You can make your own copy of the template slide by clicking here. You'll be able to changes the items to find and make it for any city you'd like.
I tried to use a combination of ones that could be simply searched like "baseball stadium" but also included some that will really pull at reasoning like "Where in New York City are we going to find a ranger from the National Parks Service?". Some are just totally random like "hot dog cart" that they just have to get lucky searching the streets...although hot dog carts in Manhattan are pretty easy to spot.
There are a ton of curricular adaptations that can be made from this one simple activity:
- When studying states in a region, simply duplicate the first slide several times, make each one a different capital city of a state in that region and have kids divide and conquer using the Iron Chef Eduprotocol. While we are talking Eduprotocols, have groups create a CyberSandwich to compare and contrast their cities and then compare and contrast things other regions found.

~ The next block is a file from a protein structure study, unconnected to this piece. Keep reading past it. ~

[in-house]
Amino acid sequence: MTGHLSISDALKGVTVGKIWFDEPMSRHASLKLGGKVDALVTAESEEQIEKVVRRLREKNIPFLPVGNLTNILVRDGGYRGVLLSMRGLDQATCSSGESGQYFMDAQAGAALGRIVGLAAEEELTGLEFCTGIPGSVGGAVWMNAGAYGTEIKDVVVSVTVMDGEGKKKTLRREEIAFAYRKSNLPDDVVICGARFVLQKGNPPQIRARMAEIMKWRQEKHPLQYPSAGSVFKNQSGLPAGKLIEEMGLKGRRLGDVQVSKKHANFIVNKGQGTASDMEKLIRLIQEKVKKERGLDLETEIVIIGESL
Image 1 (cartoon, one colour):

- Use the same idea above but have kids explore regions of the world or countries that make up a continent.
- Make the scavenger hunt about famous landmarks around you. Instead of recording the address or location, have them list historical importance.
- Search for evidence of different biomes or landforms around the globe.
From Young Fives through fourth grade, there really isn't an app that is more universally (pun unavoidable) beloved than Google Earth. My students are enthralled every time they get to explore. It's an easy hook and a great way to make them deeper thinkers and digital explorers.
This activity works well on both Chromebooks and iPads.